• Our Love Language Is Food


Hi! I’m Dave, husband and chief chopper/dishwasher/taste-tester to your lovely blog host, Meredith. I’ve been asked to chip in and author this post because, well, there are few things I do better in life than grilling brats. My family, by heritage, is nearly 100% German; half my family hails from Milwaukee (known in early 20th century as the ‘German Athens’), and the other half from Sheboygan, WI, a city that until well into the 20th century still had German language newspapers. What I’m trying to say is, if we’re talking bratwurst, the king of German sausages, I’m your guy. So let’s do it!

Beer brats are one of the regional dishes that define Wisconsin. But even within the state, there’s debate over the best way to cook brats. My great-Uncle Clem, from Sheboygan, taught me that the best way to cook brats was to grill the brats over very low heat and to turn the sausages by hand over the flame so your tongs didn’t pop the casing and release the delicious juices. He also would never have cooked the brats in beer, either. ‘Sheboygan style’, at least in our family, means grilling the sausage raw and putting them straight on the bun.

My dad, from Milwaukee, thought that was nuts. He taught me that the best way to cook brats was to simmer them with beer and onions and then brown them on the grill. Since dad knows best, that’s the method I’ll share with in this post: his ‘Milwaukee-style’ beer brats recipe!


Level of difficulty: Moderate. There’s nothing particularly tricky about grilling brats, but the brats need your full attention both during the simmering and grilling. You can’t turn your back on them because the casings may burst from too much heat. Burst casings means lost juices, which means lost flavor.

Flavor: Beer, of course, but the spices in the sausage win the day: mace, pepper, sage, celery seed, etc. Adding to that, the soft bite of the onions on top really brings this one home.

Texture: A snappy sausage casing, a soft yet somehow crisp onion, and a hard roll.

Time: You’ll need about 20-25min to make this beer brats recipe.


Fresh brats: fresh, uncooked brats are key. Some sausages come pre-cooked, but if you use the pre-cooked variety, your sausages will be tough and overdone by the time you eat them.

Lager style beer: this recipe is best with a classic lager style beer like MGD, PBR, Miller Lite, Coors, etc. No need for a fancy beer in this recipe!

Sliced yellow onion: onions give your beer sauce a nice depth of flavor.

Hard rolls: the best brats are served on a toasted hard roll, like a Kaiser roll or a Semmel roll. But in lieu of those, any sausage roll will work. Just try to avoid a hot dog bun; they’re too wimpy for a brat.

Condiments of choice: besides the onions from the beer sauce, mustard, raw onions, sauerkraut, and horseradish are all great (and traditional) toppings for beer brats!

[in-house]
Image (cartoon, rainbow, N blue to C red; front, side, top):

1. Preheat your grill: whether you’re using gas or charcoal, get your grill warming now (aiming for a temperature of around 350 degrees).*

  2. Note: see helpful hints for how to manage your heat best; don’t skip this section!

  3. Sauté yellow onion: In a large saucepan, melt the butter and then sauté your sliced onion in the butter until softened. You do not want to cook the onion all the way (this is what makes it good as a topping!). Aim for ‘soft on the outside, crisp on the inside’.

  4. Add your brats and beer: Add brats to your pot and top with just enough beer so that the brats are fully submerged.

  5. Low simmer: Simmer the brats on the lowest possible simmer until they are plump, grey, and there is no visible pink anywhere beneath the casing.

  6. Transfer to grill: Your brats should be mostly cooked at this point, so transferring them to the grill simply finishes the cooking process and imparts that classic ‘grill’ flavor to the bratwurst. Cook turning brats gently and frequently until casing is browned.

  7. Note: see helpful hints for how to monitor the brats. If you’re going to temp your brats (to 160°F) by inserting a thermometer in either end of the sausage, not the middle. This will help minimize juice loss! Remember: juice is gold.

  8. Remove from the grill and serve: serve on your favorite bun, topped with your favorite condiments, and enjoy!


Boiling brats in beer - a commonly mislabeled step in this process. Though beer brat recipes will often say you should ‘boil’ the brats in beer, I’m here to set the record straight. If you boil your brats in beer, you’re going to lose a ton of juices from the brats in your pan. I’ll say it again: juice is gold because juice is flavor! After you’ve added your brats and beer to the pan, bring it up to a very gentle simmer. Your brats will be ready for the grill after they’ve become plump and grey (no visible pink).

Speaking of juices, what’s this about managing grill heat? This might be the most important step you take when you’re grilling brats. If the brats are subject to too much direct heat, their casings will pop, and all that delicious juice will run into your grill. How do you avoid that? I’ll explain for charcoal and gas grills:

  • For a charcoal grill: Just before adding your brats to the grill, bank your heated coals to one side of your grill. When you add the brats to the grill, cook them on the opposite side of the coals and keep the lid on your grill. This will ensure your brats get cooked over indirect heat.

  • For a gas grill: preheat all burners like you normally would, but when you add the brats, turn the burners directly under the brats down to a low/medium low temperature.

Cooking for a crowd? You can easily double (or triple) this recipe! This recipe is the best way to cook brats for a crowd. Just make sure you use one medium yellow onion for every 5-6 brats, and ensure that all the brats are submerged in the beer while you simmer. Simple!